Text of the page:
Eloise: Warning to stay away from flooded rivers, dams

Tuesday, January 26, 2021

The Department of Water and Sanitation has warned residents in those provinces which are likely to be affected by the Tropical Storm Eloise to stay away from rivers and dams to avoid being swept away by the strong currents.

The department said that currently the three provinces of Mpumalanga, Limpopo and KwaZulu-Natal are experiencing heavy rains after Tropical Cyclone Eloise moved from Mozambique over the weekend.

“Motorists are also warned not to try and cross flooded bridges and crossings, as this may result in fatalities. Most dams in the affected provinces are reported to be flowing heavily and the department has put its personnel on stand-by for any eventuality,” the department said in a statement on Tuesday.

The South African Weather Services has predicted that the storms will continue to bash the provinces on Tuesday and Wednesday, before abating and moving towards Zimbabwe.

“The devastating phenomenon caused extensive damage to buildings and infrastructure in Beira and Sofala provinces of Mozambique over the weekend before gravitating to Northern KwaZulu-Natal, Limpopo and Mpumalanga,” the department said.

According to the Hydrology Unit of the department, accumulated rain greater than 20 millimetres from Monday midnight, was recorded in several north-eastern parts, including Tshivhase in Venda, Giyani, Levubu, Thohoyandou, Skukuza, Tzaneen Westfalia Estates and Mbombela. 

“Others received more than 100 millimetres of rain overnight. The northern parts of KwaZulu-Natal also received heavy rains on Sunday, and these conditions are expected to continue today [Tuesday].

“This system also resulted in Gauteng and North West provinces receiving some rainfall from Sunday evening and continuing into Monday. Although Gauteng received soft rains it is not expected to have any impact at this stage,” the department said.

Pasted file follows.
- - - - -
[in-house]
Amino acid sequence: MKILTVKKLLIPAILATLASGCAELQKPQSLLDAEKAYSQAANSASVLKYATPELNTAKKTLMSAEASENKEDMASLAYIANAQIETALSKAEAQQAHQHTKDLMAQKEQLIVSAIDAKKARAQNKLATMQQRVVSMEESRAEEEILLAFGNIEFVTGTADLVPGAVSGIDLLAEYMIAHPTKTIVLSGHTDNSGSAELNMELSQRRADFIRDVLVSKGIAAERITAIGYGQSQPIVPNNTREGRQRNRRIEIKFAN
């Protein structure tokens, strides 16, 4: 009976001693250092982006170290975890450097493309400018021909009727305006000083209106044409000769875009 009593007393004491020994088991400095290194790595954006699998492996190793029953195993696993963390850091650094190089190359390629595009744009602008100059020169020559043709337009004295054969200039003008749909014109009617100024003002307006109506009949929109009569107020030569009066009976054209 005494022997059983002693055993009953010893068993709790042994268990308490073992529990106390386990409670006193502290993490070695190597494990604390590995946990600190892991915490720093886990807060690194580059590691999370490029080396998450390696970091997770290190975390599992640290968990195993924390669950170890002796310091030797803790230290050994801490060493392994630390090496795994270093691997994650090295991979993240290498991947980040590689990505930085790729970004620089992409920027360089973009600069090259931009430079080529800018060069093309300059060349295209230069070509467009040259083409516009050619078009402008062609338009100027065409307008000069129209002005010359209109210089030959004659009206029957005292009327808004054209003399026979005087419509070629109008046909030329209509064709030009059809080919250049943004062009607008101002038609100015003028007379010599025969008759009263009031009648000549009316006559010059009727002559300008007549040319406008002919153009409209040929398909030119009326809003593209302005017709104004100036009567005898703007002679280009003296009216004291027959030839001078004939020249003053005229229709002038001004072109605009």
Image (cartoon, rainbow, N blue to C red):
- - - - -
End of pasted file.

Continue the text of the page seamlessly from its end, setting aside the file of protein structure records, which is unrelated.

The Vaal Dam capacity was 75.1 % full, with an inflow of 72 cubic meters squared and an outflow of 17 cubic meters squared.

The Gariep Dam, the biggest in the country, was spilling at 103.2 %. On Sunday, its inflow was recorded at 476 cubic meters squared and the outflow at 714 cubic meters squared.

Bloemhof Dam reached a capacity of 109.2 with an inflow of 107 cubic meters squared and an outflow of 201 cubic meters squared.

“Vhembe District in Limpopo was the most affected area and five dams, namely Luphephe, Nwanedzi, Mutshedzi, Vondo and Nandoni, are spilling. Nwanedzi River is on its peak flow, and Tshamutumbu Police Station was approached to help should there be a need along the river.

“The area of Mopani was also affected but not as much as Vhembe. Four dams, namely Merensky, Magoebaskloof, Vergelegen, and Thabina, are spilling, though these are very small dams,” the department said.

With regards to Greater Letaba, the department reported that Tzaneen Dam was at 21.7% before the rain and it is now at 27%.

“There are feeder dams on the upper catchment of Tzaneen Dam and they are all spilling. These are Merensky, Magoebaskloof and Vergelegen. The two flood control dams of Doorndraai and Albasini are still lower, hence there was no need to open the sluice gates.” – SAnews.gov.za